Mill Hill was True Test

Dad always said that Mill Hill is where the boys would take their cars to see if they would climb. It doesn’t look steep in this photo, but it’s steep when you’re on a bicycle.

Because early cars didn’t have fuel pumps, he said that some folks had to back up the hill so that gas would get to the carburetor.

Going down Mill Hill a challenge

Of course, what goes up offers a challenge to kids who want to go down fast on roller skates, in wagons or bikes.

The July 12, 1961 Missourian carries an account of Bobby Parks’ go-kart ride down the hill:

The first ride ever on a go-kart proved to be an unfortunate one for Bobby Parks, 10, son of Mrs. Kathleen Parks, 333 N. Fountain.

Bobby and a friend, Bobby Whitley, 9, of 14 Bellevue, decided to coast down Mill St. in the 200 block at about 4 Tuesday afternoon.

Go-kart hit bump

The ride wasn’t completed, however, as the go-kart hit a bump, throwing the Parks boy, who was riding in front, and his companion to the pavement. Both boys were shaken up, but the Parks boy got the worst of it.

Doctors took six stitches in his head and treated abrasions on his arms and legs. He also underwent x-rays. The Whitley boy suffered minor scratches.

16 Replies to “Mill Hill was True Test”

  1. I lived at the top of Mill Hill. It was great to sled down but a tough walk back up! Also would ride our bikes down the hill and with a running start you could pedal ALMOST all the way back up the hill.
    It is much steeper than it appears in the picture.

  2. ah….you flat landers…the real hills in Cape are on the northside of town. The best combination for Go-karting was starting at the top on New Madrid near Perryville road, going east toward Missouri Street, turning north on to Missouri street for one block, then east on to Mississippi and ending in…welll you should stop at West End Blvd. Back in the day these Go Karts were not powered as they are today, but simple wooden 2 x 4 framed with any wheels we had on them. So the bigger or longer the hill the better the ride. This route was for the most part free of traffic and long ride…There were other hills but now were used like this one in the 50’s and 60’s. We had at least 5 running karts in the neighborhood.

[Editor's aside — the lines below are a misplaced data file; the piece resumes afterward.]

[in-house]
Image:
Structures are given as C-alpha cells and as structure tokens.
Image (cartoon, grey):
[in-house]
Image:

1. We may be quibbling about terms here, but I always thought go-karts were powered. Non-powered vehicles of that type were soap box derby cars (which has probably been trademarked by now).

      My brothers and I logged many miles going up and down Kingsway Drive in our little red wagon. It wasn’t as steep as a lot of the other hills, but it was long with a neat curve at the end that had a steep kick.

  3. Hey, I went down Henderson,Bertling and Huntington on a wooden go-kart as well as brookwood Masters and Janet. Lots of gut and very little brains.

    1. I lived on Henderson below Butler. There were many great hills in that neighborhood for sleds, skateboards (very early models) and, of course, bikes.
      A nice long ride was going north on Henderson starting at Dr. Crowe’s house, north of the SEMO tennis courts. Cruising down past Sailer Circle and down to Wayne. You could almost make it up the hill to Butler again.

  4. I also lived at the top of Mill hill and it was much steeper than the photo shows. In jr. high and high school, I lived at the bottom of Bertling hill and remember all the cars that had to back down when it was icy. One particularly snowy day when school was cancelled, some friends and I sledded down Henderson hill on an old refrigerator door that someone found. It’s a wonder we all survived to tell about our adventures.

    1. I’ll concede that the camera lens flattened out the hill a bit in the photo.

      Of course, all hills are a lot steeper when you’re four feet tall and going like a bat out of hell on a refrigerator door.

  5. My parents lived and met in the area around Mill Hill. I heard many stories about it from them and made many trips up and down. Does anyone remember Tow Gate Hill?
    It was Sprigg street coming in from the south into Cape. During watermelon season, the trucks “way back when” labored when full of watermelons and very slowly went up the hill. Enterprising boys would hop on the trucks and toss melons down to compadres.

    1. Dick,

      I was planning on running a series of “hill” stories. I’ve already written about Snake Hill.

      This is Mill Hill.

      Now that you’ve brought it up, I just might have to run Tollgate Hill as my next post. (It was called Tollgate, not Tow Gate, because it was on a toll road coming into Cape from South Sprigg.)

  6. Ken, which part of Kingsway? We would start at Flora Hills and Grandview down to Kingbury… end up at Kingsway.

    Real nice turn in the middle…. if you could make it.

  7. Hey, Ken, do you have any photos of snow sledding down “hills”, specifically on the terraces below the Southeast Hospital down to Broadway? What a time that was for a multitude of us in the ‘Sunset Street’ area. Going airborne off the last terrace was a hoot! All gone long ago (along with my house) owing to the expansion of the hospital.

  8. Wow Ken, that was in my back yard. But sure we showed up well after you left. Our house was built in 1970 at Kingsbury and Kingsway when we moved to Cape. We were across from the horse pasture.

    That aerial shot was before Kingsbury was even there.

  9. I lived on New Madrid and it was a good sledding hill. We had a really good snow one year in the 60s and the boys in the neighborhood brought shovels and loaded the hill with additional snow and packed it hard. I think it was the best sledding ever. That is, until the highway department made two passes with the cinders truck. That kind of ruined it. They tried to cover the cinders with more snow, but it didn’t work. Loved to slide.

Leave a Reply

Your email address will not be published. Required fields are marked *